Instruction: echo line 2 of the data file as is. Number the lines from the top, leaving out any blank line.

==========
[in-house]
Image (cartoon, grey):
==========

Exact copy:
Image (cartoon, grey):